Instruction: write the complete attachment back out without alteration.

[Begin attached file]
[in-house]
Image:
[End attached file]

[in-house]
Image: